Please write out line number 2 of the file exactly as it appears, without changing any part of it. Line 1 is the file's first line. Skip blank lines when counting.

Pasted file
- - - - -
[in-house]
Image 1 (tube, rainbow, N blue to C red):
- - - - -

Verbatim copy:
Image 1 (tube, rainbow, N blue to C red):